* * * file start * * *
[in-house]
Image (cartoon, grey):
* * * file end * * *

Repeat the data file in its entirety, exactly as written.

[in-house]
Image (cartoon, grey):